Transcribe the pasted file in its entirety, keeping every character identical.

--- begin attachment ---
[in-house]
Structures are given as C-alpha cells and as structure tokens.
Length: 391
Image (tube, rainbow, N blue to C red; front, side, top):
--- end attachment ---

[in-house]
Structures are given as C-alpha cells and as structure tokens.
Length: 391
Image (tube, rainbow, N blue to C red; front, side, top):